Save the Forest, the Trees Must Go
04, 2003 14:54 PST
I am intimately familiar with the Lassen and Plumas NFs, and am
concerned with the current administrations perceptions of fire
resolution and forest health. While I won't say there's no
reason to cut
down a 34" tree, there should damn well be good reasons to
cut it down
before it happens. Fire risk is not eliminated by cutting down
short of those instances in which they are part of a
break in continuous crown closure (particularly where
or prevailing wind direction can be fragmented), and then only
Thinning of small trees (for instance those that have come in
dense in the shadow of a hundred years of fire
policies) however can be very effective in the disruption of
that permit ground fires to climb into the crowns, the crown
potentially causing much more damage.
Please respond to any pleas for help from environmental
----- Original Message -----
From: "Maurice Schwartz"
Sent: Sunday, December 15, 2002 7:00 AM
Subject: NYTimes.com Article: To Save the Forest, the Trees Must
December 15, 2002
By JOHN H. CUSHMAN Jr.
WASHINGTON - In the name of science, the United States
Forest Service has proposed the experimental logging of
half a million acres in two forests in the Sierra Nevada
see how it will affect the habitat of the California
spotted owl and the ferocity of forest fires. But
environmentalists are saying the real purpose is simply
give timber companies a chance to cut more big trees on
some of the nation's 190 million acres of public land.
The study is to be conducted in the Plumas and Lassen
National Forests, two of the 11 national forests that
along the mountainous spine of California.
The Bush administration's experiment is designed on such
grand scale that it will vastly increase the amount of
timber being taken from the two northern California
forests, which have been heavily logged in the past.
trees to be cut are much larger than current forest
regulations would allow: in some cases, up to 34 inches
diameter, or almost nine feet in girth.
After a year in which forest fires raged through the
affecting seven million acres, the administration has
pushing plans to thin the trees in places where years of
mismanagement - including the practice of putting out
single fire - have left dense thickets of undergrowth.
Often these projects are aimed at protecting small
communities at the forest edge. But rarely do they
cutting so many trees, or such big ones, especially in
sensitive wildlife habitat deeper in the woods.
In its announcement of the project, the Forest Service
referred to the logging euphemistically as
"management-caused changes in vegetation," and
study would test whether the benefits of the cleared
which would create firebreaks, exceed the ecological
damage, especially to the spotted owl habitat. Like the
more famous northern spotted owl of the Pacific
the California species is struggling for survival.
Environmental advocates who have long fought logging in
region, and some scientists, see this proposal as
on the model of Japanese whalers, who take their
to sea in what they call a research project - one that
happens to put whale meat on the menus of pricey
restaurants in Tokyo.
"This comes to almost 30,000 acres per year of
habitat that would be logged," said Chad Hanson, an
anti-logging advocate at the John Muir Project and a
Club board member.
The conservation groups say the plan is an attempt to
reverse existing rules, including those adopted during
Clinton administration, that put much of the forest off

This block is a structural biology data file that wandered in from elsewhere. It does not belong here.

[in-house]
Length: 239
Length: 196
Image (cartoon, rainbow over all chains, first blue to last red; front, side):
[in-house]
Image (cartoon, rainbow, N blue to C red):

As evidence they pointed to the administration's
announcement last week of changes in rules governing
logging - changes that the government said were aimed at
limiting forest fires. The administration's goal was to
through environmental reviews, court appeals and
that slow approval of the projects.
Mark Rey, the assistant secretary of agriculture who
oversees the Forest Service, said adversaries in the
debates should learn to trust each other and the
"I certainly trust the environmental groups,"
said Mr. Rey,
who was formerly a lobbyist for a forest industry group.
"They've spent millions of dollars on political ads
demonize the administration, but that doesn't mean I
He spoke with tongue firmly in cheek, knowing that
environmental groups are certain to challenge the
administration's proposals in court.
In fact, there was a big ruling last week on a related
issue, when a federal appeals court in San Francisco
decided to reinstate a ban on building roads in 60
acres of national forest. The policy, put in place under
President Clinton and challenged by the industry and
local governments, is one that the Bush administration
wants to change.
Road construction is one problem that environmentalists
in the California experiment. Another is the reduction
canopy cover in some California forests to 40 to 50
percent, compared with 60 to even 90 percent before
- a result that is prohibited under the current forest
because of the likely harm to owls.
Limits on cutting large trees, on building roads and on
thinning the canopy were put into the regulations for
region after intensive scientific study. The Forest
Service, however, said it would amend those rules,
the changes insignificant.
ENVIRONMENTALISTS are sure to object during the 45 days
public comment that began last week.
"I think this is quickly going to spiral into a
getting around other restrictions on forest practices,
under the guise of scientific analysis," said Don
emeritus professor of forestry at the University of
California at Davis.
While the scientific question of how different methods
logging affect the survival of animals and the health of
the forest is perfectly valid, he said, it remains to be
seen whether the experiment needs to be so huge, or
whether its design is appropriate.
These are matters that scientists, not timber lobbyists
environmentalists, should decide, he said, adding,
think science works very well from ideology."